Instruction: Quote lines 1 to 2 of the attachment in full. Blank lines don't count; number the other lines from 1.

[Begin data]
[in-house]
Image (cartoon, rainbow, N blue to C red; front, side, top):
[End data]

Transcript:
[in-house]
Image (cartoon, rainbow, N blue to C red; front, side, top):